Different studies in the western part of Libya showed that the blaOXA-48 was the most prevalent gene, followed by bla NDM in CRE.[16],[17] While in CRAB, the blaOXA-23, bla-OXA24, blaOXA-48, and bla NDM-1 genes were identified, and in CRPA, the blaVIM-2 gene was the most predominant.[14],[18] The investigations on carbapenem-resistant pathogens in Benghazi city remain inadequate and limited. The aim of the present work was to study the prevalence of both imipenem and meropenem in uropathogens in one hospital in Benghazi, a city in Libya, to know the magnitude of resistance caused by these groups of bacteria.


  Subjects and Methods Top


Study design

A descriptive study conducted at Ibn Sina Clinic in Benghazi-Libya was done after approval from the ethical committees. A total of 1011 samples of patients with urinary tract infection were collected from August 1, 2019, to April 30, 2020. The midstream urine samples were collected in a sterile containers at early morning and sent to the laboratory within 30 minutes.

Bacterial isolates and antibiotic susceptibility testing

Urine samples were placed on cysteine lactose electrolyte deficient (CLED) agar incubated at 37°C for 24 h. A growth of >105 colony-forming units per mL of one type of organism was considered significant bacteriuria. Identification of the isolates was done by observing colonial morphology on the CLED medium.[19] The antibiotic susceptibility of different uropathogens was tested for their imipenem and meropenem susceptibility by the Clinical and Laboratory Standards Institute's disk diffusion method.[20]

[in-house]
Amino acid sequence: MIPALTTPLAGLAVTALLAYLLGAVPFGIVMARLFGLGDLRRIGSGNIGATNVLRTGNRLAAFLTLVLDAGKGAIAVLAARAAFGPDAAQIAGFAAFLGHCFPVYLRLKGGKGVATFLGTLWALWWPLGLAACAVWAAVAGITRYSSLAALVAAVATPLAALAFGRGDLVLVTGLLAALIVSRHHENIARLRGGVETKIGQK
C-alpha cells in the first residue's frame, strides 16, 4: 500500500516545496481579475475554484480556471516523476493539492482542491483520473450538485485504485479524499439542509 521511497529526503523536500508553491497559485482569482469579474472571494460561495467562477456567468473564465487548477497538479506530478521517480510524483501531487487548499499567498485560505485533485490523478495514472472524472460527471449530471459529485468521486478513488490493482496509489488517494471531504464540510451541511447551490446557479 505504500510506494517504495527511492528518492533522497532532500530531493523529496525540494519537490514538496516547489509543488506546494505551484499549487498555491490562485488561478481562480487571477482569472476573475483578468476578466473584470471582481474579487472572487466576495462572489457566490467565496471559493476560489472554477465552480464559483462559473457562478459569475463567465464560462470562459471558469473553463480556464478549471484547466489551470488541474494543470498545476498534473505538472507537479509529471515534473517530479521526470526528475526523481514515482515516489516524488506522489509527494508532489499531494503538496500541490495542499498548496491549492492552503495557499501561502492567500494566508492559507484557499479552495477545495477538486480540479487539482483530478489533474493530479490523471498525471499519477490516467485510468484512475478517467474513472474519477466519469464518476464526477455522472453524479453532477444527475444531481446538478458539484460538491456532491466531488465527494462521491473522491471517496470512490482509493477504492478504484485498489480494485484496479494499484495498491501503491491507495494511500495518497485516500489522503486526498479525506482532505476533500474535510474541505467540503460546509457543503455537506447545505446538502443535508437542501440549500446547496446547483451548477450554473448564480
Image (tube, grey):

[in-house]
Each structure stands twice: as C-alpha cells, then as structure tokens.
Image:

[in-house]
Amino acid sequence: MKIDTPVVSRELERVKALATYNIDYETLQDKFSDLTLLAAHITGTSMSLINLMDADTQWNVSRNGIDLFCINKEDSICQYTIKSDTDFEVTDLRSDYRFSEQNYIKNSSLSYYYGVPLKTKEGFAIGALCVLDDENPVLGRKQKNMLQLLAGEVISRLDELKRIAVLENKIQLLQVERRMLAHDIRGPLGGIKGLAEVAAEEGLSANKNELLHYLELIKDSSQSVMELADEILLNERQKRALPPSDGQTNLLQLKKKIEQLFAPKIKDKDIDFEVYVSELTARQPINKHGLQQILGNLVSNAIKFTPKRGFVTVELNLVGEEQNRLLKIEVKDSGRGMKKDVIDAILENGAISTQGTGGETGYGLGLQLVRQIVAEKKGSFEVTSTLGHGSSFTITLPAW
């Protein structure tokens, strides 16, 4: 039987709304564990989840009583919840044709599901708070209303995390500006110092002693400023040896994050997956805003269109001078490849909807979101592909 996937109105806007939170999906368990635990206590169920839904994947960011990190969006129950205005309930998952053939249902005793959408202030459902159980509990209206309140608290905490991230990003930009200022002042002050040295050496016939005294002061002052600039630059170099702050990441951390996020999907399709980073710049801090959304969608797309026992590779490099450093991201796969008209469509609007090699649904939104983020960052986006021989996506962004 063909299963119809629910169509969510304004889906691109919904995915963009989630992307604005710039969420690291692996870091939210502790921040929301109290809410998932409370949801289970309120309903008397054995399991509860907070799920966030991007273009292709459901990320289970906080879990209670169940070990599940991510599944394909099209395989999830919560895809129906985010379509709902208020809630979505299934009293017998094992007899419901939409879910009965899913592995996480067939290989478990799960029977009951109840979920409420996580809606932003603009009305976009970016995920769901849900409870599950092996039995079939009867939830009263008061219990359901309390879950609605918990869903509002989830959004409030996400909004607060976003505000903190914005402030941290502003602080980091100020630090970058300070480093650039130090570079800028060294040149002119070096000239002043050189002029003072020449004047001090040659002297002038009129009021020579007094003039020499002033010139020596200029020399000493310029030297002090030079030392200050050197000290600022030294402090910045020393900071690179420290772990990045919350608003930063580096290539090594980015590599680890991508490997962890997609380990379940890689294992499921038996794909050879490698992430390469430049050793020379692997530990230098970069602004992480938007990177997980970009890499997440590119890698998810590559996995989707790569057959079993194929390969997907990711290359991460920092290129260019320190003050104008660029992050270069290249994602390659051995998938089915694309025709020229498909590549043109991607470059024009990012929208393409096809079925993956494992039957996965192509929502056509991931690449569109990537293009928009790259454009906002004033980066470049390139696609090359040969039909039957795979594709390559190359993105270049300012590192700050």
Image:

Results Top


In the present study, a total of 186 resistant strains of different Gram-negative isolates include Enterobacteriaceae ( Escherichia More Details coli, K. pneumonia and Proteus mirabilis), P. aeruginosa, and A. baumannii were isolated. The prevalence of Enterobacteriaceae bacteria was the most predominant (86%). E. coli, K. pneumonia, and P. mirabilis accounted for 68.8%, 12.4%, and 4.8%, respectively. It was followed by P. aeruginosa (12.4%), followed by A. baumannii 1.6% [Figure 1].
Figure 1: The prevalence of uropathogens in the collected growth samples. in Ibn Sina Clinic